2. The increased ubiquitousness of small smart devices, such as cell- phones, tablets, smart watches and laptops, has led to unique user data, which can be locally processed. The sensors (e.g., microphones and webcam) and improved hardware of the new devices have al- lowed running deep learning models that 20 years ago would have been exclusive to high-end expensive machines. In spite of this progress, state-of-the-art algorithms for facial expression recognition (FER) rely on architectures that cannot be implemented on these devices due to computational and memory constraints. Alternatives involving cloud-based solutions impose privacy barriers that prevent their adoption or user acceptance in wide range of applications. This paper proposes a lightweight model that can run in real-time for image facial expression recognition (IFER) and video facial expression recognition (VFER). The approach relies on a personalization mechanism locally implemented for each subject by fine-tuning a central VFER model with unlabeled videos from a target subject. We train the IFER model to generate pseudo labels and we select the videos with the highest confident predictions to be used for adaptation. The adaptation is performed by implementing a federated learning strategy where the weights of the local model are averaged and used bymore »the central VFER model. We demonstrate that this approach can improve not only the performance on the edge device providing personalized models to the users, but also the central VFER model. We implement a federated learning strategy where the weights of the local models are averaged and used by the central VFER. Within corpus and cross-corpus evaluations on two emotional databases demonstrate that edge models adapted with our personalization strategy achieve up to 13.1% gains in F1-scores. Furthermore, the federated learning implementation improves the mean micro F1-score of the central VFER model by up to 3.4%. The proposed lightweight solution is ideal for interactive user interfaces that preserve the data of the users.« less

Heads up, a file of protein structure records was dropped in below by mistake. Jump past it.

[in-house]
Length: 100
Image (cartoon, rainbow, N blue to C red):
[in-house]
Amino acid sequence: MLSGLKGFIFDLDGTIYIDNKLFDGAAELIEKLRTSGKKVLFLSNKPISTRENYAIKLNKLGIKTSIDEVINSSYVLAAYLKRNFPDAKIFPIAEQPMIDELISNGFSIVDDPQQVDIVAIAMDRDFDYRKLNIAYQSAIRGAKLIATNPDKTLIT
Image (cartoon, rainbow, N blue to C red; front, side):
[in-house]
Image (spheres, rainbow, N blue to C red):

3. During the operation of many real-time safety-critical systems, there are often strong needs for adapting to a dynamic environment or evolving mission objectives, e.g., increasing sampling and control frequencies of some functions to improve their performance under certain situations. However, a system's ability to adapt is often limited by tight resource constraints and rigid periodic execution requirements. In this work, we present a cross-layer approach to improve system adaptability by allowing proactive skipping of task executions, so that the resources can be either saved directly or re-allocated to other tasks for their performance improvement. Our approach includes three novel elements: (1) formal methods for deriving the feasible skipping choices of control tasks with safety guarantees at the functional layer, (2) a schedulability analysis method for assessing system feasibility at the architectural layer under allowed task job skippings, and (3) a runtime adaptation algorithm that efficiently explores job skipping choices and task priorities for meeting system adaptation requirements while ensuring system safety and timing correctness. Experiments demonstrate the effectiveness of our approach in meeting system adaptation needs.